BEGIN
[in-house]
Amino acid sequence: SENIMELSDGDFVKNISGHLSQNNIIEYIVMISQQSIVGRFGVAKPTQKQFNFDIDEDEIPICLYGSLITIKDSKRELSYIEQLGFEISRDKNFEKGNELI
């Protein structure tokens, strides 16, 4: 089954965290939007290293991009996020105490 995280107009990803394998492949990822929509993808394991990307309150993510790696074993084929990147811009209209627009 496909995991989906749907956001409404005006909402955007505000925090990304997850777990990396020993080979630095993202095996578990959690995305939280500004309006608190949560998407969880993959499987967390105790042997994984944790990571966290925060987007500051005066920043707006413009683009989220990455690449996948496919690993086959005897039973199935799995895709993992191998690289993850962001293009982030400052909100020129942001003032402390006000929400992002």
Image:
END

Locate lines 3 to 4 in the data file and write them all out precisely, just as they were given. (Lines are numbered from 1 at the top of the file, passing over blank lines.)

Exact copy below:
């Protein structure tokens, strides 16, 4: 089954965290939007290293991009996020105490 995280107009990803394998492949990822929509993808394991990307309150993510790696074993084929990147811009209209627009 496909995991989906749907956001409404005006909402955007505000925090990304997850777990990396020993080979630095993202095996578990959690995305939280500004309006608190949560998407969880993959499987967390105790042997994984944790990571966290925060987007500051005066920043707006413009683009989220990455690449996948496919690993086959005897039973199935799995895709993992191998690289993850962001293009982030400052909100020129942001003032402390006000929400992002």
Image: